People’s preferences for public health services differ by region, income and level of education

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A study conducted within the Department of Public Policy and Economic History of the UPV/EHU reveals that people’s preferences for public health services differ from one region to another and recommends delegating decisions and the management of public health policies to regional governments.

In any health system, knowing patient preferences is essential in policy-making and investment decisions about health care services. In other words, it is about making decisions on how to structure health services according to the preferences of citizens in such a way as to maximize the well-being of the population. One way to find out about these preferences is to quantify the monetary value of public health services, i.e. how much are they willing to pay for improved health services offered under public health care?

This study, carried out by the Department of Public Policy and Economic History of the UPV/EHU, aimed to identify the preferences of citizens of the Basque Country and the Canary Islands regarding possible improvements in public health services; in other words, to identify citizens’ willingness to pay for improvements in the public health service.”


Waleska Sigüenza and Alaitz Artabe, researchers and authors of the study

To identify these preferences, the choice experiment method was used. “It consists of presenting the respondent with different sets of health service improvement alternatives characterized by different combinations of these improvements, and asking them to choose the preferred alternative from each set”, explain the authors of the study. study. “The improvements analyzed in this work were: waiting lists for specialists, waiting lists for surgical operations, hospital comfort, public health and dental coverage”, add the authors.

On the one hand, the results indicate that preferences differ between regions, so for reasons of efficiency, it would be desirable to delegate decisions and management of public health policies to regional governments, so that different decisions can be taken according to the preferences of each region.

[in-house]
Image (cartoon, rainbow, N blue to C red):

On the other hand, however, there are also differences between the preferences of citizens of the same region. For example, “we have seen that in the Basque Country individuals with high and low incomes do not place the same value on health services. We have seen that the higher the income of a person in the Basque Country, the less they have to pay for improvements in some of the aspects of public health analyzed. This result may be related to the preferences of high-income Basques for private health services,” the authors said. However, “we have seen that in the Canary Islands, the level of education exerts an influence: citizens with a university education are ready to pay more to improve their public health services”, added Waleska Sigüenza and Alaitz Artabe.

Once health policies are decentralized, the results of this work provide a tool to identify the health services most valued by individuals in each region. With all due caution, these results not only show the order of health care preferences, but also the value of those preferences in terms of money. This information could be useful to those responsible for designing health policies when allocating economic resources to maximize the overall well-being of the region.

Source:

Journal reference:

Sigüenza, W & Artabe, A., (2022) Do individuals’ health preferences validate the decentralization of the public health system in Spain?. Health policy. doi.org/10.1016/j.healthpol.2022.04.010.

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